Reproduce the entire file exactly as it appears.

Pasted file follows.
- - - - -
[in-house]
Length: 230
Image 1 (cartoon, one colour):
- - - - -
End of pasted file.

[in-house]
Length: 230
Image 1 (cartoon, one colour):